The Minister of State (independent charge) for Tourism KJ Alphons has said “We must spread the word about India’s heritage, philosophy, and it’s incredibly diverse cultures which are worth experiencing.”
The enabling environment being created by the Government of India towards making the country tourist friendly is definitely chartering a roadmap towards attaining sustainable tourism, the major goal of International Year of Sustainable Tourism.

 

Published by The Sentinel

Written by Pandurang Hegde

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India improving, but large ailments remain

 

IndiaIn a respite to the Modi government, which has been facing the heat over dismal economic numbers, the World Economic Forum (WEF) study on global competitiveness for 2017 commended the improving quality of institutions in India, especially in terms of improved efficiency of public spending in the last few years. This was despite the fact that India slipped a place to rank 40 out of a total 137 countries in the Global Competitiveness Index 2017-18.
However, the WEF has clarified that it has changed its methodology this year and the rankings are not comparable with those of last year. Moreover, it also pointed out that this is India’s highest score ever with the new methodology (4.6 compared to 4.5 in the previous year). The country’s score has improved across most indicators of competitiveness, especially infrastructure (66th, an improvement of two points over last year), higher education and training (75th, up six) and technological readiness (107, up two), which is a reflection of recent public investment in these areas.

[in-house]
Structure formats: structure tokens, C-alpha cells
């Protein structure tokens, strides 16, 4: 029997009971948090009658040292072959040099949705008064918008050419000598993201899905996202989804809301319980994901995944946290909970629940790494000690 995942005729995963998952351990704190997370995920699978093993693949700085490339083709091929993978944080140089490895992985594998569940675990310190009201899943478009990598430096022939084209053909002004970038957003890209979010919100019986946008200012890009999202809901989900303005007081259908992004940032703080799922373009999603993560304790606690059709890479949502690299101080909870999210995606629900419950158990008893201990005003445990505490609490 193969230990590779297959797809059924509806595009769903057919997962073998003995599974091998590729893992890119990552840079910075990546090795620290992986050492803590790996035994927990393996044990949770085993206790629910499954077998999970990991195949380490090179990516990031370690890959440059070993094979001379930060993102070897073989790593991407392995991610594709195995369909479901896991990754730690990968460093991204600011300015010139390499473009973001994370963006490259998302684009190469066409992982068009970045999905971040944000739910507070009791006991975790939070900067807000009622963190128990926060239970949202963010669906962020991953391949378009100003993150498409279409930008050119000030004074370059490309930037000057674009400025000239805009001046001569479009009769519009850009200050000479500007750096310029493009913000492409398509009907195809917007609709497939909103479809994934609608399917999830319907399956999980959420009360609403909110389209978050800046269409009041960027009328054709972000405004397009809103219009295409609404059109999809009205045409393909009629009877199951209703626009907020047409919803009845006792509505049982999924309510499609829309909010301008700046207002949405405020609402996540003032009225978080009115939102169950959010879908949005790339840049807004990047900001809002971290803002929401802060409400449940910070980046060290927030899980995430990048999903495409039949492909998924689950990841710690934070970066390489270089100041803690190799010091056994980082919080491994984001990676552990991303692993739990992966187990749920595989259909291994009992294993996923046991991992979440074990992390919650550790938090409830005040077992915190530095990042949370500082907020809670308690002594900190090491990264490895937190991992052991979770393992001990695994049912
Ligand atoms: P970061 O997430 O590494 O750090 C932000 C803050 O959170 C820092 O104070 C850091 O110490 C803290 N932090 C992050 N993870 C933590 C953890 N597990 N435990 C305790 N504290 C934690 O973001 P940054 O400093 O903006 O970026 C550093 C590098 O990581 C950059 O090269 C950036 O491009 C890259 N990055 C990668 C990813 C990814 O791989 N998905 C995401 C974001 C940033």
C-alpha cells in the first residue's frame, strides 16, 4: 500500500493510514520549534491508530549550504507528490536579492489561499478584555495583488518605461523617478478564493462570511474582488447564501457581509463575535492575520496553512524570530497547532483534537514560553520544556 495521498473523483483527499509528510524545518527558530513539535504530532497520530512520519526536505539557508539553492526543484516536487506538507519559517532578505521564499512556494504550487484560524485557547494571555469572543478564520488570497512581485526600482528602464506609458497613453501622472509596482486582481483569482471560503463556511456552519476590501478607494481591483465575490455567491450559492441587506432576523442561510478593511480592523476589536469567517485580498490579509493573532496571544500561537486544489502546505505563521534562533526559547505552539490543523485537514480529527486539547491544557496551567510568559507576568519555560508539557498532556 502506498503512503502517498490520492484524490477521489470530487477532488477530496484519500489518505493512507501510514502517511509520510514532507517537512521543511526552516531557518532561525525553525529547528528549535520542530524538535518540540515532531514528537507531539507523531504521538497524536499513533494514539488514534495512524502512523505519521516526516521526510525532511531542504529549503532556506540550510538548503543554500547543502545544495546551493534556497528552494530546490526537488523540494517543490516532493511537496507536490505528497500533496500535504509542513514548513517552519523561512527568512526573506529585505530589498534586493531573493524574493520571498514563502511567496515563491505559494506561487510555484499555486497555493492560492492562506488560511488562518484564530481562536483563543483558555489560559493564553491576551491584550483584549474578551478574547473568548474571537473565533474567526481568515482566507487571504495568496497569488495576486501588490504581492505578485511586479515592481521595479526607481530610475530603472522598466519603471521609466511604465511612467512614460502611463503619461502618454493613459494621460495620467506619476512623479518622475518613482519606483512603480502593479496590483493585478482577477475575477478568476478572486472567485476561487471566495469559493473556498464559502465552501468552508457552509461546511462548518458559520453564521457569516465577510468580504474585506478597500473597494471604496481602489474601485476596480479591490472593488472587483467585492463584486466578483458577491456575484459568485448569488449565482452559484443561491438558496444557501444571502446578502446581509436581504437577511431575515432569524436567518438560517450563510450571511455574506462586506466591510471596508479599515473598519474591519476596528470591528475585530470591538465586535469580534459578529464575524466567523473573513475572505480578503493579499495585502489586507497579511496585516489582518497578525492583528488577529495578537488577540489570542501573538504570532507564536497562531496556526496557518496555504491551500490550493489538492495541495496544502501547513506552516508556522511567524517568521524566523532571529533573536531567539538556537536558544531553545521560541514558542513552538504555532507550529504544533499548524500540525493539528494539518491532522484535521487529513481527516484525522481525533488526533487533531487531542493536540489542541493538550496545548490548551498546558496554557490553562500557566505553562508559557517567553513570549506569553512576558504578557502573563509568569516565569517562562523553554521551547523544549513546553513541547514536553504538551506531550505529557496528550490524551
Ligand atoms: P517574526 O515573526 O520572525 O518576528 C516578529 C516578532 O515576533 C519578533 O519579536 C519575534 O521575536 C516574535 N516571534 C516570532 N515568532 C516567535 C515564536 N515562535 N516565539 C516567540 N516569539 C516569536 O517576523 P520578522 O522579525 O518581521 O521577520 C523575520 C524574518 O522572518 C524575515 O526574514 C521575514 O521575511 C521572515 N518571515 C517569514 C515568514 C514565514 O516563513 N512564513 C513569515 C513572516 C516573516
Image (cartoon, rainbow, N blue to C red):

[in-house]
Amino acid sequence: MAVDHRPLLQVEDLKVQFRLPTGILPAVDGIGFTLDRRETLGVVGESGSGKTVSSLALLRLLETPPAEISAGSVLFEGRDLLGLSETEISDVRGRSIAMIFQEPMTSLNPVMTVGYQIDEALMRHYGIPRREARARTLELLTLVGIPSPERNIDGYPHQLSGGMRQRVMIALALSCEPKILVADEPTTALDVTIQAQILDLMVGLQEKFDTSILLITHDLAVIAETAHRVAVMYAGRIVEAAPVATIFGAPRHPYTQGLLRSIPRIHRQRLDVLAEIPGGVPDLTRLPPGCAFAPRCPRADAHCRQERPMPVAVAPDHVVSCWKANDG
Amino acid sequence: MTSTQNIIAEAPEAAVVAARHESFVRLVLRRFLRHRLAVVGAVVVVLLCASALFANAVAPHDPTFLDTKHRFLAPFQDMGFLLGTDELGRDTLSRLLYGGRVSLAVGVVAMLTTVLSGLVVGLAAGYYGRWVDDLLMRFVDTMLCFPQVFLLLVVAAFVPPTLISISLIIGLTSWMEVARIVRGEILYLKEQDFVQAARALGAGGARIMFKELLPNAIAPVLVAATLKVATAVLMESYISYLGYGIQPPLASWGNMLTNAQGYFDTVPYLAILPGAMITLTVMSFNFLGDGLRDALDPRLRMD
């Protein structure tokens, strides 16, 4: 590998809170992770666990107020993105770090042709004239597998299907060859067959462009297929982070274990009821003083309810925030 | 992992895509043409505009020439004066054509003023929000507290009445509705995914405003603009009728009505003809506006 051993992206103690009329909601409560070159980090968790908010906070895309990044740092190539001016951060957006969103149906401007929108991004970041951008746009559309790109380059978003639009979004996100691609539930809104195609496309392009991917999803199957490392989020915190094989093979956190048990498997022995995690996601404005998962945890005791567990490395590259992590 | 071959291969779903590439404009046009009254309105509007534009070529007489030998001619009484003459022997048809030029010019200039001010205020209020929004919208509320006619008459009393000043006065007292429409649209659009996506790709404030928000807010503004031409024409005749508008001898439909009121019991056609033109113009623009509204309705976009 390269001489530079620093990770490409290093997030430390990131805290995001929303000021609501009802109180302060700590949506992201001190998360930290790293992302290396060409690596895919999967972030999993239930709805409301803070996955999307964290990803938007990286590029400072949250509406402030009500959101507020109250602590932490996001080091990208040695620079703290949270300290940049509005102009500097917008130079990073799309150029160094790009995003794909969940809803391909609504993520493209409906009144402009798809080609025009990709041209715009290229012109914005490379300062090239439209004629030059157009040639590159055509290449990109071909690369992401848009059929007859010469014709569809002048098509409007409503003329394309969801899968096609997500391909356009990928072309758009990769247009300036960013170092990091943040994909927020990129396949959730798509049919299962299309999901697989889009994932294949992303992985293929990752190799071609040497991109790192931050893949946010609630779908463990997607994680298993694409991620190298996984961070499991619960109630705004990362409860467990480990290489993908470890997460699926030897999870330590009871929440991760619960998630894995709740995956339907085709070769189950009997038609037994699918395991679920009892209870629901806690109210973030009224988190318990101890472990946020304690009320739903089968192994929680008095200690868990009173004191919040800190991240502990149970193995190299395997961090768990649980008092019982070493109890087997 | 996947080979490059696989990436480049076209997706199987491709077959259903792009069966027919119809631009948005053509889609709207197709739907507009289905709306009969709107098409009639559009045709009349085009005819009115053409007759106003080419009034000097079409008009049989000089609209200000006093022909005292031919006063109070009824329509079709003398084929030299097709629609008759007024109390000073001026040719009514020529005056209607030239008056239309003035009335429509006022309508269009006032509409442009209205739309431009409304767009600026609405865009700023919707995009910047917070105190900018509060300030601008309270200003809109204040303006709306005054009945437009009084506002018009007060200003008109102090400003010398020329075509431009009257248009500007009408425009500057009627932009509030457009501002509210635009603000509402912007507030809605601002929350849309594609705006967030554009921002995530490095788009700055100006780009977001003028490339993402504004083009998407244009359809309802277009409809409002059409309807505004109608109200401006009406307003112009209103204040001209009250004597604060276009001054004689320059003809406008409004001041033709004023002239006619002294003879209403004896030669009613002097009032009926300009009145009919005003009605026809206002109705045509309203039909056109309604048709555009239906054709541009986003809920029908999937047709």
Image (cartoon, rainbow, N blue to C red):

India has also ranked the highest among all South Asian countries with the next highest being Bhutan and Sri Lanka ranked at 85. Among the BRICS nations, China (27) and Russia (38) rank above India while South Africa and Brazil are placed at 61 and 80. In a major hopeful boost to the dwindling India growth story, the report stated that among the emerging markets that were seen to have great potential in the early 2000s, Brazil and Turkey have lost much of what they had gained before 2013, while China, India and Indonesia continue to grow strong.
The report also gives some useful insights about the growth trends of the Indian economy. First, among the emerging economies, it finds that India and China are gradually developing into major centres of innovation. In a recent study of geographical clusters generating the most patents, three Indian cities appeared in the top 100 with Bengaluru at 43 (with patent activity focused on computer technology), Mumbai at 95 and Pune at 96 (with both registering among the most patents in organic chemistry). Due to such an improvement in the innovative environment within India, the WEF rankings place India at 29 on the innovation pillar for competitiveness.
Since innovation is a major determinant of the long-term growth trends of an economy, these figures bode well for India’s future prospects. However, the improvement comes with a caveat. It has been seen that emerging economies that are doing well in innovation are leaving large sections of the population behind since they are not technologically equipped.